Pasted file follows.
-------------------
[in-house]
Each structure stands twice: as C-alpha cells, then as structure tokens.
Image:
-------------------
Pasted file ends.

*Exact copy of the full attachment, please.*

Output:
[in-house]
Each structure stands twice: as C-alpha cells, then as structure tokens.
Image: